Jesus preached Law to show man his sinfulness. Read John 15:22-25. If the Word had not been preached, the world would have gone on undisturbed. But the preaching of the Word causes divisions, not because of God or because of the Word, but because of the utter sinfulness of man.

Luke 12:52 From now on there will be five in one family divided against each other, three against two and two against three.

This is an explanation. Verses 52-53 explain what Jesus means by division or dissension. By the way the word "divided against" occurs often, making the idea quite prominent.

"There shall from now on be five in one house divided." He is not saying on which side the two or the three are. The emphasis is on the word "divided against."

Luke 12:53 They will be divided, father against son and son against father, mother against daughter and daughter against mother, mother-in-law against daughter-in-law and daughter-in-law against mother-in-law."

The picture is of a family of five: father, mother, daughter, son, and son's wife. The mother and the mother-in-law are the same person. The bride of son's wife has come to live with the family. The point is division. Jesus does not indicate whether the two or the three are on His side. Nor is He saying that the younger generation is against the older generation. And what is typical in the family is found everywhere. Look at Luke 2:34 and 2 Corinthians 2:15f.

Some acknowledge the Gospel as true, others not. On Calvary the cross in the middle divided the believing from the unbelieving wrong doer. The Gospel is a "scandal," a hateful thing, to the unbeliever. How true is not the observation in Acts 14:22. Follow Paul on his missionary journeys. Almost everywhere he went, his enemies stirred up trouble, blaming everything on Paul and the Gospel. Division, division, division!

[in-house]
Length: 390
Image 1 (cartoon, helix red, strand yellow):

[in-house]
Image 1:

Arndt: Even the Gospel's friends oppose one another in their interpretation of its meaning.

How true! I am not always right and there are time when I hate someone simply because he does not agree with me but later I see that he was right. I must beseech God's mercy and repent.

Luther: When Christ foresaw in the spirit that a great disturbance and revolution in the world would follow His preaching, He comforted Himself this way: 'I came to cast fire upon the earth; and would that it were already kindled!' Thus we see today that because of the persecution and blasphemy of our opponents and the contempt and ingratitude of the world many evils follow upon the preaching of the Gospel. This bothers us so much that we often think, according to the flesh, that it would have been better if the teaching of godliness had never been circulated and peace had been preserved than that the public peace would be disturbed as it has been since it was made public. But according to the Spirit, we courageously declare with Christ: 'I came to cast fire upon the earth; and would that it were already kindled!' Once this fire has been kindled, great upheavals immediately arise. For it is not some king of emperor but the god of this world, 2 Corinthians 4:4, who is provoked; and he is a powerful spirit and the lord of the whole world.

Our only protection midst all this sin and division in the world is a Word of Jesus, such as John 16:33: "These things I have spoken to you so that in My you might have peace. In the world you have tribulation but be of good courage, I have overcome the world.


Adapted from Exegetical Notes, Series C Gospel Texts, Sundays After Pentecost, by Harold H. Buls, Concordia Theological Seminary Press: Ft Wayne IN, 1979, pp. 39-40. Used with permission.

Return to top

Return to Buls' Notes Index